The Great Living Wall of Africa

Each year the giant Sahara desert gets bigger. It is slowly encroaching southward swallowing up all land within its sandy path. The Sahara is the largest desert on the planet and comprises over 3.3 million square miles (8.6 million square kilometers) covering most of the Northern part of Africa. 

Its reach has expanded by over 10% in the last decade and it seems there is nothing that can stop its advance unless the great living wall initiative has something to say about it.

The Great Living Wall 

The great living wall initiative was launched in 2007 by the African Union in an attempt to slow the spread of the great desert. The ambitious mission is to restore 100 million hectares of degraded land across 11 countries by 2030. The end result will be a 5,000 mile long by 9-mile wide band of vegetation and trees that will span from Senegal to Djibouti. 

Map of the living wall – courtesy CNN

The Sahel region, a semi-arid belt that lies south of the Sahara desert and stretches across the continent acts as a natural barrier from the approaching desert, has taken the brunt from the Sahara’s relentless advance. 

Soil quality in this region is diminishing and water is becoming increasingly scarce as well as vegetation which is leading to food scarcity and famine. This area is rife with conflicts, from the unrest and violence in Mali to the terrorist activities of Boko Haram in Nigeria – instability is commonplace.

Where is the Funding?

This project has had sporadic and inadequate funding which has made progress slow. But earlier this year it was announced that 14 billion dollars would be injected into the project to give it a much-needed jumpstart. France, the World Bank, and other donors pledged these funds and will close the gap to the estimated 33 billion dollars that will be needed to complete the wall.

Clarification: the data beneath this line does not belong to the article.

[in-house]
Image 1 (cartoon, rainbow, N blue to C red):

Status of the Wall

Less than ten years from the completion goal, there is a lot of planting to be done. 4 million hectares have already been planted – most in Ethiopia which has produced 5.5 billion plants and seedlings. Other efforts have been tried in various countries to stymie the desert’s sprawl, such as digging boreholes, building terraces, and reforestation which have had little success.

Locals planting trees – courtesy CNN

More Than a Wall

While the purpose of the living wall is to prevent the advance of the desert, it will also provide millions of jobs for the local indigenes in the various nations. It will give families a source of income and purpose so they can maintain and raise their children. It will also enhance a community atmosphere, since there will need to be an all-in approach to ensure the wall prospers, “It is easy to plant a tree, but it is difficult to grow one” explained one of the officials on the ground. 

Where is Nigeria in This?

Progress has been slim to none in Nigeria, since our hands are full with other pressing issues, such as the Boko Haram crisis and other major infrastructural deficiencies, but if our officials get serious, we could help tie this living band together and improve lives.

This wall also has the chance to help stabilize the greater region and potentially uniting 11 African countries that would all benefit from a stable, conflict-free region – let’s hope this is a reality.

Roman Kingsley

Journalist based in the United States and Nigeria, focusing on Real Estate Development and the stories emerging in and around the built environment.

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